Revenge of the Sith

posted in: science fiction | 0

So last weekend the whole family went to see the new Star Wars, and we had a rousing good time. To my surprise, the theater wasn’t particularly crowded (a rainy Saturday matinee show, just 2 days after the movie opened). We got good seats without knocking ourselves out. Trusty light sabers in hand (younger daughter had been busy custom-manufacturing props), we settled in for the show.

Definitely a major improvement over the last two, and a mostly satisfying completion of this part of the circle. (Satisfying enough that we sat down that evening with a tape of the original and picked up where the new story left off.)

Quarrels and observations:

*SPOILER WARNING*

(It’s not like anything I’m about to say will surprise anyone, because we all know the ending; but still…if you’d like to see it before I talk about the crucial bits, you should stop reading now.)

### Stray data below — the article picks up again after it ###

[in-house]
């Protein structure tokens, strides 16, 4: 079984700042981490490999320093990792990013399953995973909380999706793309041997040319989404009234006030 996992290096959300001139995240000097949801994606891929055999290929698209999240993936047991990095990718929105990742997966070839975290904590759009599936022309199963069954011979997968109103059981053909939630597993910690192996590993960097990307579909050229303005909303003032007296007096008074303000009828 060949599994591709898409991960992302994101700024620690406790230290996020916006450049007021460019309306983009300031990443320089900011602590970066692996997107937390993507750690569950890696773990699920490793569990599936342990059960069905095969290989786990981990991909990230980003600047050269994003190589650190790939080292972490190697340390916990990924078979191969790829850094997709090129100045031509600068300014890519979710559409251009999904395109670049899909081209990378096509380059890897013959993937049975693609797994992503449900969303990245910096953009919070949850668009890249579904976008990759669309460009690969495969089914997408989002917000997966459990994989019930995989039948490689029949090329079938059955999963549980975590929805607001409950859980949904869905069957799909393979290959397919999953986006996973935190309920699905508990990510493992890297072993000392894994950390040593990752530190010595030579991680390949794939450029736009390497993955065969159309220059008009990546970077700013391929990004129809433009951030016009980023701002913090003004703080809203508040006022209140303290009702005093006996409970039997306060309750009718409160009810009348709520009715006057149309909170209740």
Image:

Aside from the stilted dialogue and predominantly wooden acting (even from the good actors), the only two things that really bothered me…

(I thought you were going to stop reading now. Oh, never mind.)

…were Anakin’s easy conversion by the other Darth, and Obiwan’s leaving him alive in agony on the hot lava (not just stupid, since Obi was trying to make sure the galaxy was rid of the danger, but unJedi-like: he should have finished him off as an act of mercy.)

As for Anakin’s turning, I thought they did a good job of laying the groundwork: fear that he would lose Padme the way he lost his mother, guilt over Windu’s death, distrust of the Jedi, etc. But the final, actual conversion, where he went from “What have I done?” to “Yes, master,” was much too facile. They missed a chance for a really powerful scene, I thought.

Having said all that, you don’t go to see Star Wars for the sensitive acting (not since Alec Guinness, anyway), you go to see it for the larger-than-life story and the visual imagination and the music. And there it delivered.